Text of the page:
speech was slow and controlled, the tone very deep as though he was afraid
to let it come up an octave lest his voice crack.
They were silent momentarily,
letting the thought spread over their minds and then sink beneath the pleasant
memory of recent passion. The girl stirred. "We should really be going."
"Yeah, I guess we should.''
They got up and the boy pulled
on blue jeans and a terrycloth shirt. The girl slipped into a pair of utilitarian
cotton panties and pulled a flair skirt tight at her waist. Her fingers
groped over the linoleum floor and located a wispy summer blouse. Her fingers
swept the floor again, but--
"I can't find my bra," she
"Must be here some place."
She got on her knees and crawled
over the cabana floor to search. Finally, her voice annoyed, she said,
"I can't find it any place."
"Here, let me look."
After a quarter-hour of unsuccessful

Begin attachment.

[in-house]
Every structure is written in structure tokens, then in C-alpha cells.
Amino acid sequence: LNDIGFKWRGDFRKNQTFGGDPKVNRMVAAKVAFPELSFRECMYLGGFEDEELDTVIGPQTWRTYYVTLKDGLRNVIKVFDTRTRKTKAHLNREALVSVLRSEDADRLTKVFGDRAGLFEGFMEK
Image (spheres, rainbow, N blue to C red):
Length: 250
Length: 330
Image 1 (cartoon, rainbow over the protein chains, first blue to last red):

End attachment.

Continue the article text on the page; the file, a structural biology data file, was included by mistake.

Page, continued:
hunting, they gave up. They lay down on their backs and slid under the
raised door of the cabana. Then they joined hands and went running down
the beach. The girl's unconfined breasts bobbled large and healthy beneath
the revealing blouse.
The next day was Saturday.
It sweated hell-like 'neath the sun. The flabby young matrons and hornless
imps were joined by their pallid men folk. The sand was dotted with the
swell of executive bellies and hirsute, heavy-veined limbs. The cabana
boys ran back and forth, deftly balancing Martini-laden trays.
One lad slid to a halt in
front of C 14. He deposited two filled goblets on a table. A feminine hand
tipped with peeling nail polish grasped one, a hairy-knuckled, masculine
hand raised the other.
"Ah, that hits the spot,"
said Mr. Bannerman.
"Umm," agreed Mrs. Bannerman.
"What's the kid doing?" asked
Mrs. Bannerman ground her